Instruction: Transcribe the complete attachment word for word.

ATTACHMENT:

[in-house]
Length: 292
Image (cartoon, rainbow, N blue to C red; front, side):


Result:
[in-house]
Length: 292
Image (cartoon, rainbow, N blue to C red; front, side):